Admittedly, that was not exactly how the question was formulated. After talking about the importance of team psychological safety on team learning and team performance, someone asked how all this connects with dealing with a “disgruntled or disruptive” team member. Interesting question, and a few things come to mind.

The first step is to understand to what extent this disruptive or disgruntled attitude is related to the team. Sometimes the real issue is in fact unrelated to the team, although it may show up in the team setting. There could be issues or dissatisfaction with the company’s policy, salary and benefits, constraints or rules and regulations that are imposed. Or the issue could be outside of the work environment all together: relationship, health, financial or other stress issues rooted in the private sphere of course impact how someone shows up at work. If the issue is clearly outside the team, it makes no sense to look at team psychological safety to come to the rescue. At most, it could smoothen (temporarily) the behavior. However, if the issue is rooted in the way the team works, how decisions are made or how plans are executed, then, yes, this is very much an issue for the team to deal with (more on that further below).

Labelling someone as disgruntled or disruptive is a strong judgment[1]. I don’t need to interview the concerned team member to guarantee that they will not see themselves as disruptive or disgruntled. They would probably explain that the way things are going is not working, that decisions are not explained, that something that needs to be addressed is not being addressed (or any other issue) and they therefore keep on coming back on this.

Rather than call a team member disruptive or disgruntled, focus on what exactly it is they do or say? We are often put off by the way something is said. We all have our preferred way of expressing ourselves, and we think that our way is normal, clear and makes sense for everyone else. Of course not everyone expresses themselves as we do. Some think things need to be said as straight-in-your-face as possible – to avoid any misunderstanding – and others prefer to say things in a very indirect way – to avoid ruffling feathers. And there are many variations in between. Try to peel away the way things are said or done and identify what is actually said or done.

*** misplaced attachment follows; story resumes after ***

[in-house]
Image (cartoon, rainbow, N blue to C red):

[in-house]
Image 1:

If the leader or the team judges someone as disgruntled or disruptive, and needing to “be dealt with”, the probability of success in making that member a full part of the team is pretty low.

Once we have made sure the issues or concerns (and therefore the way forward!) mostly lay within the team and we have filtered out the way communication is happening to identify what issues are actually raised, we can take the steps to deal with them inside the team. And that is exactly where team psychological safety comes into play! Several of the 7 elements of team psychological safety[2] can be the direct driver to deal with this situation, like dealing with issues, accepting diversity and taking risks, and some indirectly like appreciation or asking for help. It is in fact a great test of the team’s level of psychological safety to see how it deals with the issues raised by the disgruntled or disruptive team member!

How to make practical progress? I am a big believer in the power of a team to deal with challenges that belong to the team, and it is key that this challenge is seen as a team challenge, rather than “John’s problem”. One way is to ask ALL members of the team to list their concerns about the particular situation (for example in a force-field analysistemplate), so that John’s concerns are captured just like those of the others. The team then works through all the inputs and finds the best way going forward. Not always 100% straightforward but that is the only way to move away from the “bad apple” image and fully embrace the diversity that exists in the team.

For sure not an easy situation in certain cases, but half of the battle is won if we can step away from judging the concerned individual as the “problem case”.

Peter Cauwelier

  1. Gotian, R. Often Labeled a Misfit, That Troublemaker Might Be An Overlooked Swan. Forbes, 2023.
  2. Edmondson, A.C., Psychological safety and learning behavior in work teams. Administrative Science Quarterly, 1999. 44(2): p. 350-383.